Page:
In its appeal of a jury verdict in the patent infringement case brought against it by Verizon, Vonage has turned to a recent US Supreme Court decision that some analysts see as making it easier to invalidate patent claims.
In a brief filed on 9 May with the US Court of Appeals for the Federal Circuit, Vonage argued that the March jury verdict relied on a standard of analysis that the Supreme Court has since rejected. The jury found that Vonage’s service infringed three patents, and the VoIP provider was ordered to pay US$58 million (NZ$78 million) in damages. Vonage asked the appeals court to rule Verizon’s patent claims invalid or to at least order a new trial.
Vonage’s argument rests on a decision by the Supreme Court in late April in KSR International versus Teleflex. In that decision, the Supreme Court looked at the standard for determining whether a patent claim is obvious. It ruled that courts should consider whether an alleged improvement to an invention is more than just the predictable use of existing elements. If, for example, at the time of an invention there was a known problem with an obvious solution, a patent claim may not be valid.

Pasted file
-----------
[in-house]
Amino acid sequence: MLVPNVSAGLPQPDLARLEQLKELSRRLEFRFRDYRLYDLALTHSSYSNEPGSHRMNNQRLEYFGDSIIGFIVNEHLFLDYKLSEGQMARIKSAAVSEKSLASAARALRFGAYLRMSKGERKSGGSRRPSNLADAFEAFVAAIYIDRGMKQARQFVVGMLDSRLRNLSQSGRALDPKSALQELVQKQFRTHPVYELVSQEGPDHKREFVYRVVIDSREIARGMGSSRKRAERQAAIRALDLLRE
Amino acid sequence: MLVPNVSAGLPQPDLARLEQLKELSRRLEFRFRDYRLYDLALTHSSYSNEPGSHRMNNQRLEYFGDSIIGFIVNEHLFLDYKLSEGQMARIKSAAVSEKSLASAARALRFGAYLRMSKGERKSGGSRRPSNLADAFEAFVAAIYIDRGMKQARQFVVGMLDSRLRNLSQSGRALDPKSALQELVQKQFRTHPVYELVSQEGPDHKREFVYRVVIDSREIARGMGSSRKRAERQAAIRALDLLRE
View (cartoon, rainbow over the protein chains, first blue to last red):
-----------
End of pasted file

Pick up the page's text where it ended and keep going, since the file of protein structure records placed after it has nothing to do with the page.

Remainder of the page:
Rather than using this functional approach to determine whether Verizon’s patent claims were obvious, the US District Court for the Eastern District of Virginia instructed the jury to use a more rigid standard.
“The District Court’s erroneous jury instruction on the wrong standard for [obviousness], thus materially prejudiced Vonage’s ability to present its invalidity case, and is strong grounds for vacating the validity finding,” Vonage told the appeals court.
Verizon’s patent claims are invalid because they are based on combinations of predictable elements that already exist, Vonage argues. In other words, it would have been obvious to try the solutions in the patent claims.
“Under KSR, [experts] would have found it obvious to try uniting the VocalTec Iphone software on the Harvard wireless laptops talking to the internet wirelessly,” Vonage says about one of the patents. About another patent, it argues experts “would have found it obvious to try using routing control records.”